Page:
4 Things You’ve Wanted to Know About Tapestries
Tapestries can change a room in a bold way, offering a sense of joy to a space. Many homeowners shy away from using tapestries because they are unsure of them, so we want to answer some common questions and encourage a sense of love for these gorgeous art pieces.
What are Wall Tapestries?
A wall tapestry is a large, woven textile that displays an elaborate artistic design. Tapestries were used once upon a time to keep drafty old buildings warm in the colder months by serving as a form of illustrated insulation. Today, “tapestry” simply refers to any piece of fabric that has been designed to hang on your wall, from weavings to vintage fabrics. Tapestries are a great way to liven up any space and can be a great conversation piece.
Finding the Best Place to Hang a Tapestry
Tapestries are conversation starters and statement pieces. They are a great addition to any space but should be hung where they can make the best impact. Display your tapestry above a bed, mantle, couch or on a smaller wall where it can offer a wallpaper-like effect.
How do you get one of these gorgeous pieces up on the wall to stay? Below are some of the most common ways to display tapestries.
- Stretch them over a frame. Opt for a wood frame or plywood board for the best effect, folding the tapestry over the frame and attaching it with a staple gun. Use sawtooth picture hangers to mount it on the wall. If you have a thin tapestry, consider stapling canvas to the frame so the wood does not show through the fabric.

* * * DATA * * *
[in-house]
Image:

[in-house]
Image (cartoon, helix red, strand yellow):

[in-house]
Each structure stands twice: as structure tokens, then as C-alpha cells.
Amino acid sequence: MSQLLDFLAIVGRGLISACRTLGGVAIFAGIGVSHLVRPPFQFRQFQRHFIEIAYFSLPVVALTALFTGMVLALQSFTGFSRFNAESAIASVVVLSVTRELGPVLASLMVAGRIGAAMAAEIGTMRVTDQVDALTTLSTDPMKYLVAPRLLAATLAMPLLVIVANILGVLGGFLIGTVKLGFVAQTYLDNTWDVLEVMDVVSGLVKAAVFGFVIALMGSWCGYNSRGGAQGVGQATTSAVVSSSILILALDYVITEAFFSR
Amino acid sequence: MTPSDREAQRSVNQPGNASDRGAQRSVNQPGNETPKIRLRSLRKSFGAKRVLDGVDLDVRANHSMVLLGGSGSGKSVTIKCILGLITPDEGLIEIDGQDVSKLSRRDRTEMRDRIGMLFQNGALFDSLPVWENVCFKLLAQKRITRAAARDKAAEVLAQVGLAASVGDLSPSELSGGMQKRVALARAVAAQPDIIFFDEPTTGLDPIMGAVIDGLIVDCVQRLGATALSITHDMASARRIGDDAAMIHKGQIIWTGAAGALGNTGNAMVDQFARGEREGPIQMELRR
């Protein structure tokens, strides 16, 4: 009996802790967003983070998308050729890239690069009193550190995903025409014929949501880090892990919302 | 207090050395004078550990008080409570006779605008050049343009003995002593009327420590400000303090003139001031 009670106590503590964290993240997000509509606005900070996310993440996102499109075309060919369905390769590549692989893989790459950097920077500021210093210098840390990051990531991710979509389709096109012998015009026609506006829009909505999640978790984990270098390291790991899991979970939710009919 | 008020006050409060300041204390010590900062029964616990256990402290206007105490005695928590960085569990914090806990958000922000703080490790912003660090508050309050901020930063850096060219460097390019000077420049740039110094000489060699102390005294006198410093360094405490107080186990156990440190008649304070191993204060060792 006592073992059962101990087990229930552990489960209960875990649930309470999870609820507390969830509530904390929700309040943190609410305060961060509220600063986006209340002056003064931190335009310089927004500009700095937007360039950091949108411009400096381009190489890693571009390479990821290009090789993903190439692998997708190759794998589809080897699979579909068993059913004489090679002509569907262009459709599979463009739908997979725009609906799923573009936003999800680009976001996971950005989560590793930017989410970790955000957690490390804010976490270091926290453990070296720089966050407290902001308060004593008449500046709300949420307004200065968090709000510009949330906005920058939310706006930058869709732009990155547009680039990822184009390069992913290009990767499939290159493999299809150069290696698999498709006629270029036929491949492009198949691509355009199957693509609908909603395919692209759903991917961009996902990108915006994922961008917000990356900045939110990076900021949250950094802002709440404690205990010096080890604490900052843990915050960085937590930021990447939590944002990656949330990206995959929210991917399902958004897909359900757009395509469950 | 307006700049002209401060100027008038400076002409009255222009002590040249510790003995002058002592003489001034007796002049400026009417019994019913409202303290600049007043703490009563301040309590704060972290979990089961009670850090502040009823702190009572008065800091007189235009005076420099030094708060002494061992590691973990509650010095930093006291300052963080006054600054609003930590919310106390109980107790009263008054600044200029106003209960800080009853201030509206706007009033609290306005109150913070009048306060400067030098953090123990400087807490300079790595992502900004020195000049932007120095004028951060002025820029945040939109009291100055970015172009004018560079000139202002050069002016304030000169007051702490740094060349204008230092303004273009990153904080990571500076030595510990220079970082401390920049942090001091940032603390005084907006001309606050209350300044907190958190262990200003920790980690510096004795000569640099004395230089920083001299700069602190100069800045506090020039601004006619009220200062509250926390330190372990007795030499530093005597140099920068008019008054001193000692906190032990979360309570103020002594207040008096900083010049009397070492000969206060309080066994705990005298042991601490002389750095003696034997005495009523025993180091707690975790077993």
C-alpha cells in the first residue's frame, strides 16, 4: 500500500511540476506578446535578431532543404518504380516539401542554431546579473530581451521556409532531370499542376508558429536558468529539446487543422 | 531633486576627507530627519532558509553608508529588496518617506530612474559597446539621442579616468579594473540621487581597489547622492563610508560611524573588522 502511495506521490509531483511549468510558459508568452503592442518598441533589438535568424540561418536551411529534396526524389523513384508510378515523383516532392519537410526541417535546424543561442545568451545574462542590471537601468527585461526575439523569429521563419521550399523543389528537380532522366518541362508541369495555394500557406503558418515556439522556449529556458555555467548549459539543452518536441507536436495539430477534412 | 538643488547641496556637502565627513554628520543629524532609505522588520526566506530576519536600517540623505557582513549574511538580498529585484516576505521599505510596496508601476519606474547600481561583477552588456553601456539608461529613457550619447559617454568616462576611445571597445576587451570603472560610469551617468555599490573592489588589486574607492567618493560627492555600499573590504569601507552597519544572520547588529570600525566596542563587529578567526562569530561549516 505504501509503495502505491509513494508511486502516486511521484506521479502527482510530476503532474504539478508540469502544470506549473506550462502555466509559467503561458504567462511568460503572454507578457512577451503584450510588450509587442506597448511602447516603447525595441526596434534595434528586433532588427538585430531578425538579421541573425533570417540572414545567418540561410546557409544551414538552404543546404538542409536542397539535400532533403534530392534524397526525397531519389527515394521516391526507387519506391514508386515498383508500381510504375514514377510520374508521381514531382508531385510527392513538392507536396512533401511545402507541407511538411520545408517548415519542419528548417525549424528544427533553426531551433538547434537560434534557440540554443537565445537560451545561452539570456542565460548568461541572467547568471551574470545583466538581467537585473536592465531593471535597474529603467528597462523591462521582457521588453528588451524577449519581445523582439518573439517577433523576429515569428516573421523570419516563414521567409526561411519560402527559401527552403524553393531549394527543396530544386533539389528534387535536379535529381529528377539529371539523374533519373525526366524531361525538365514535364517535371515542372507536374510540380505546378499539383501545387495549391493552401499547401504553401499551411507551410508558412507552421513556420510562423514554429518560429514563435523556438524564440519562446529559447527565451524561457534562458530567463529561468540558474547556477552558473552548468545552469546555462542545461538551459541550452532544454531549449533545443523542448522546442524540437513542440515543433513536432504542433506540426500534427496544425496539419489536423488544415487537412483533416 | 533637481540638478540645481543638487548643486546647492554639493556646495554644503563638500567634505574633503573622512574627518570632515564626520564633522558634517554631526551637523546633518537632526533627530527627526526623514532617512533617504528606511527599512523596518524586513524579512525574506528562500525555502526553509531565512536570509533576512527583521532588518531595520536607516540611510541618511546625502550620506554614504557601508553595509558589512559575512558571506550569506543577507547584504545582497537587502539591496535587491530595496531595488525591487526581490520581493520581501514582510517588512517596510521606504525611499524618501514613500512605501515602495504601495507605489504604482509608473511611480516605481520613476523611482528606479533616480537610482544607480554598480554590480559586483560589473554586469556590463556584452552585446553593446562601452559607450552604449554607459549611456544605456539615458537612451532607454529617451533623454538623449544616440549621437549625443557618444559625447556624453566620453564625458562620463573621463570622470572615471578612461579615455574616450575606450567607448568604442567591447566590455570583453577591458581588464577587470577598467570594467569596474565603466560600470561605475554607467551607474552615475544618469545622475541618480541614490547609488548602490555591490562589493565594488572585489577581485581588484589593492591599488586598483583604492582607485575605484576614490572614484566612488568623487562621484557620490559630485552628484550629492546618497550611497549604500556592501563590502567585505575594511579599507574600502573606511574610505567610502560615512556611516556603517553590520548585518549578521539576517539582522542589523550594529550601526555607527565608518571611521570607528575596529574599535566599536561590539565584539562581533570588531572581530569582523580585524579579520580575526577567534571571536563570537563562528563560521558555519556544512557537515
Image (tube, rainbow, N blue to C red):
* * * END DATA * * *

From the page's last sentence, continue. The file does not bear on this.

- Secure with Velcro. This is a great option if you live in a rental and want to avoid putting holes in the walls. Use self-adhesive Velcro tape to attach your tapestry to the wall. This is also a good method if your wall is curved or you do not want to put any holes in the fabric.
- Hang it from a rod. If your tapestry has pockets in the back, hang it from a rod. If your piece is particularly large or rectangular, you can also drape it over the rod to create a faux headboard or display over a couch.
- Use a baseboard if your tapestry is weighty. Opt for a board that fits in the rod pocket in the back of the tapestry.
- Frame it. If your tapestry is smaller, it may be best behind glass. This will help to protect the piece while giving it a worthy display.
Caring for Tapestries
Many tapestries arrive in the mail with major wrinkle issues. Whether yours has issues from shipping or just storage, you can get them out with a steamer. If you do not happen to have a steamer, you can also use an iron to work those wrinkles out – on the COOL setting. If you need to wash it, you can typically put them in the wash on gentle cycle with cold water and dry on low. Always check for cleaning instructions for specific tapestries, however.